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Homeowners begin to return to fire-ravaged Texas neighborhoods

By the CNN Wire Staff
A firefighting crew from California clean up hot spots over the weekend in Bastrop, Texas, after the devastating wildfire.
A firefighting crew from California clean up hot spots over the weekend in Bastrop, Texas, after the devastating wildfire.
STORY HIGHLIGHTS
  • NEW: Authorities look for missing monkeys possibly released during fire
  • Schools reopen in fire-charred Texas counties
  • More residents also allowed to return home in Bastrop County, where 1,554 homes burned
  • Two people remain missing, Sheriff Terry Pickering says

(CNN) -- More areas of Bastrop County, Texas, were reopened to residents Monday following the devastating wildfire that destroyed more than 1,500 homes.

"Our goal is to get everybody back in by Thursday," said county Judge Ronnie McDonald.

Many of the residents will return to charred homes and possessions. Those with standing homes may have to wait weeks for electricity to return, and crews are still working on restoring drinking water, utility officials said.

The Bastrop County Complex fire near Austin was 60 percent contained Monday after burning across more than 34,000 acres, according to the Texas Forest Service.

The fire is blamed for the deaths of two people whose bodies were found in the burned-out rubble of a neighborhood last week.

An urban search-and-rescue team scouring the fire zone for victims was expected to complete its work Monday afternoon, Bastrop County Sheriff Terry Pickering said. Two people among residents of the fire zone remain missing, but authorities believe they are likely out of state, Pickering said.

Some residents of the Tahitian Village East subdivision were allowed to return Sunday, as were residents with property affected by the Union Chapel fire, also in Bastrop County.

Residents in neighborhoods northeast of the town of Bastrop were being allowed to return on Monday, with additional areas reopening through Thursday.

Authorities have distributed vehicle placards for residents seeking entry into the fire zone, and so far the re-entry process has gone smoothly, Pickering said. A traffic backup early Monday had since cleared, he said.

School also resumed Monday for residents of Bastrop County, as well as in Waller and Montgomery counties, where the Riley Road fire has burned thousands of acres.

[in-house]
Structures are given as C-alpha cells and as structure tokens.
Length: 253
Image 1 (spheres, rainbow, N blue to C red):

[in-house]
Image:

"It's a relief actually. I've been cooped up at the house and can't really do anything," student Keeley Merrill told CNN affiliate KPRC-TV.

Drought keeps Texas wildfire burning
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With much of the state in an extreme drought, Texas has been scarred by one of the worst fire seasons in memory.

Since January 1, nearly 3.7 million of the state's 167.5 million acres have burned in 19,896 fires, according to Inciweb, a fire-tracking website run by state and federal agencies.

The state Forest Service responded to 19 new fires Sunday involving 1,099 acres of land, including new large files in Harrison and Rusk counties.

The state said the 40,548-acre Bear Creek fire in Cass County was 80 percent contained. It has destroyed 28 homes.

The Riley Road fire was reported as 75 percent contained on Monday. The fire has destroyed 59 homes, the Texas Forest Service reported.

Authorities were on the lookout Monday for possibly three monkeys that may have been released or escaped during the fire.

One of the monkeys bit a state game warden on the thumb on Sunday, said Mike Cox, a spokesman for the Texas Parks and Wildlife Department.

The bite wasn't serious, but authorities are still keeping an eye out for the monkey gang, Cox said.

While some residents expressed concern about hungry primates roaming the charred ruins, the incident gave others in battered Texas a much needed bit of comic relief.

"Has anyone noticed if the monkeys have wings?" a poster to the Grimes County Facebook page asked in jest, referring to the villainous hench-monkeys for the Wicked Witch of the West in the "The Wizard of Oz."

"If I see flying monkeys then I know I can click the heels on my red ruby encrusted flip flops and this nightmare will all go away," the poster said.

Authorities said although the monkeys -- which appeared to be of the rhesus species -- had been seen in the area, they did not know where the monkeys came from.

CNN's Chandler Friedman contributed to this report.

 
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